Due to the current federal prohibition in place, cannabis isn’t legally recognized by the FDA or USDA as a legitimate agricultural crop, meaning even if cannabis plants are raised in 100 percent organic conditions, the term “organic”  still can’t be used in the branding and packaging of the product. Thanks to the Clean Green Certified Cannabis initiative, however, cannabis consumers have a group dedicated to maintaining cannabis cultivation standards. 

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Clean Green certified farms are the closest thing to being called organic that’s out there for the cannabis industry. Started in 2004 in California by former USDA accredited organic certifier Chris Van Hook, The Clean Green certification was established as a regulatory group to ensure clean, sustainable cannabis for consumers. The certification has since spread to California, Colorado, Oregon, Washington, Nevada, Vermont, New Mexico, Montana, and even Puerto Rico.  The network of trained Clean Green handlers maintain the highest possible standards when it comes to “consumer quality and environmental stewardship,” according to their website.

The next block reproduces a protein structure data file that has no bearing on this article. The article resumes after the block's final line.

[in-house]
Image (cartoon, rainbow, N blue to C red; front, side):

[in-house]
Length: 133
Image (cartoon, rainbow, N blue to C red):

The program is modeled on established national, federal and international agricultural standards with sustainability in mind. The certification covers every aspect of the growing process, from testing the soil and nutrients used, to only allowing for certain eco-friendly pesticides, to performing comprehensive mold treatments and verifying ethical and reliable electrical sources.